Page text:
Difference between revisions of "Freeform Construction"

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URL = http://www.freeformconstruction.co.uk/
 
URL = http://www.freeformconstruction.co.uk/
  
Emerged from the Rapid Manufacturing Research Group at Loughborough University in the UK.
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(A project from from the [http://www.lboro.ac.uk/departments/mm/research/rapid-manufacturing/ Rapid Manufacturing Research Group] at Loughborough University in the UK).
  
  

Latest revision as of 19:46, 15 November 2008

= Freeform Construction is about ‘printing’ buildings, as if you were printing this page. It’s about combining the whole design, construction and maintenance process into a seamless operation to produce structures and components

URL = http://www.freeformconstruction.co.uk/

(A project from from the Rapid Manufacturing Research Group at Loughborough University in the UK).


Description

" Freeform Construction combines high levels of automation and computer control with the design and construction process. It is based on an existing technology known as Rapid Manufacturing, which has revolutionised the way consumer goods are manufactured, by literally ‘printing’ three dimensional (3D) objects, designed on a computer, in much the same way a printer produces two dimensional (2D) images on a piece of paper. So how does 2D printing become 3D? Imagine printing this page, except that a single piece of paper remains in the printer to catch the ink, and the printer head keeps printing the same words on a page over and over - gradually you will see the letters build up into 3D columns. Now scale that printer up and put building materials through the printer head and you can start to see where we’re going.

Now I’ve just described a 3D or ‘layer by layer’ printing method and, though revolutionary for the consumer goods industry, it’s not much different from existing ‘layer by layer’ construction methods. Where it gets interesting though is that construction is a very manual operation and so building a complex or exotic building takes more labour, time and hence costs more money, whereas printing building materials doesn’t. Go back to our paper printer analogy; if we were printing a square onto a stationary piece of paper, over and over, you would gradually build up a box shape, as each layer of ink sits on top of its predecessor. If, however, we had to put the ink down manually with a pen (as in construction) then it would be easier to draw and build up a square shape than something curved or with a lot of detail on it. But consider the print head; it’s not bothered if you’re printing a square, a curve or a really complex shape. In fact it takes exactly the same time and cost to print something simple as it does something really complicated.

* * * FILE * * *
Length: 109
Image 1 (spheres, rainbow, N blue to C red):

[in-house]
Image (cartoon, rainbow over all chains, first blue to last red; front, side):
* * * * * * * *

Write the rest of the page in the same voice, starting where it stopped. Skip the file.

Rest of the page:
Freeform Construction allows us to print really complicated buildings, or parts of buildings, at no extra cost. In its simplest form, you will be able to build literally any design or shape of building and at any scale. You can generate and tailor the design to match the environmental conditions you find around you. You can put any texture or feature on or within the design by digitally scanning things you find around you and you can completely customise the building for your own, or anyone else’s, requirements. You can print the fire place, the shelves, the cupboards or architrave detail and, if you change your mind, you can take your belongings out and grind it up and print a new house. Are you ready for fashion housing and designer structures with corporate or brand designs you purchase off the internet?


But that’s not the clever bit. It’s the stuff behind the walls that’s going to make the difference. As each layer is printed you can create all the channels and ducts required for ventilation and air conditioning. You can print in optical fibre networks and you can print in really complex structures digitally scanned from respiratory and circulatory systems to serve the same function in our own dwellings. These are the self-regulating and adaptive structures we find in nature that we can print into the walls to make buildings which do not use electricity to regulate our environment. These structures will allow us to rapidly deploy printing machines into hostile, emergency or arid environments as well as to other planets." (http://www.freeformconstruction.co.uk/)


More Information

  1. Contour Crafting
  2. Automated Construction